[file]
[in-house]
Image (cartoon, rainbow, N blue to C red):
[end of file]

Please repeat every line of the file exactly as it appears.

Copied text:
[in-house]
Image (cartoon, rainbow, N blue to C red):